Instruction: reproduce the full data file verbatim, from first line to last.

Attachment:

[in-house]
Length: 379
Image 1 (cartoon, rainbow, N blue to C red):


[in-house]
Length: 379
Image 1 (cartoon, rainbow, N blue to C red):